Student management

Strike boosts our student enrollment

Some private universities in the North West say the prolonged strike by the Universities Academic Staff Union has led to an increase in their admissions.

The institutions, based in Kano, Kaduna and Katsina states, said that while the ASUU strike was not something to celebrate due to its negative impact on the education sector, they were reaping the rewards. .

In Kano, sources from five private universities who spoke to reporters said the more than six-month strike had led to an increase in their enrollment numbers.

Kano State has about five private universities namely Maryam Abacha American University of Nigeria, Skyline University, Kano, Al-Istiqama University, Sumaila, Capital City and Baba Ahmed University.

MAAUN’s Head of Corporate Communications Unit, Alhaji Tukur Masanaw said the institution started the academic session in 2021/2022.

He said about 1,000 students were enrolled, which was the university with the highest number of students in the country.

“Of the 111 private universities in Nigeria, it is the only university that started with the highest number of enrollments in the country,” he said.

For his part, the owner of Al-Istiqama University of Sumaila, Alhaji Abdurrahman Sumaila, said that the ASUU strike had increased the number of enrolments.

“Al-Istiqama University is seeing an increase in enrollment this time around, thanks to the ongoing ASUU nationwide strike.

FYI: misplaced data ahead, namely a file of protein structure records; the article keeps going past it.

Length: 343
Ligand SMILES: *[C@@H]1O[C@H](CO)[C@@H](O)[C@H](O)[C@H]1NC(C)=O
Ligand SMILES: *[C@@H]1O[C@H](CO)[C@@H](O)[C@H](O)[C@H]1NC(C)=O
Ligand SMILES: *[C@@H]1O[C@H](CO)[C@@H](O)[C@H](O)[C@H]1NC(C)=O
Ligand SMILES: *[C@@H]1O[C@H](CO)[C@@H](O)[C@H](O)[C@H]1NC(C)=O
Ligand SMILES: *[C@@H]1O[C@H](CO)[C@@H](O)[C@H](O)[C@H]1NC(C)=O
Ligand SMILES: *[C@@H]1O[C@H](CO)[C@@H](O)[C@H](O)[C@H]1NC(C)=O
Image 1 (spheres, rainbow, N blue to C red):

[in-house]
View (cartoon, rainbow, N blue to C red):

“While this may not be the only factor that has led to the recent development, it has, however, contributed immensely.

“As I speak to you, we have between 400 and 500 applicants for various courses on our website awaiting approval, and that is before admission begins for the next academic year.

“That’s to tell you that when admission starts the numbers will surely go up,” he said.

Kawu-Sumaila added that dozens of students from various public universities have also been joining Al-Istiqama University in transfer since the start of the ASUU strike.

Also, Registrar of Skyline University Kano, Mr. Haruna Aliyu, said the institution admitted 170 first-level students as of August 2022.

He said admission was still ongoing, adding that the school had taken in more students this year, compared to 2021.

“In 2021, 162 students were enrolled at Skyline University, but this year we were able to enroll 170 students.

“Most of the students were transferred to the Kano campus from outside the country because they could not continue studying abroad due to the increase in the dollar exchange rate.

“Transfer students have to study at Skyline for a good two years before they graduate.

“This year, we also received around 36 transfers from neighboring universities, including Bayero University, Kano and Yusuf Maitama Sule University, Kano, among others,” he said.

According to him, the school offers 18 courses in three faculties namely, School of Information Science and Technology, School of Arts and Management Studies and Medical Sciences.

Aliyu further explained that in the 2022 Joint Admission and Matriculations Board examination, 257 students chose Skyline as their first choice while 165 chose the institution as their second choice.

On her part, the public relations officer of the University of the capital, Ms. Walida Bello, said that due to the ASUU strike, parents had come to inquire about enrolling their children in the university.